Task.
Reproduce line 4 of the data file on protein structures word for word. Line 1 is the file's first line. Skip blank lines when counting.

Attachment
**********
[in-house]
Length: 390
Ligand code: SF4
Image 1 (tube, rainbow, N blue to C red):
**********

Image 1 (tube, rainbow, N blue to C red):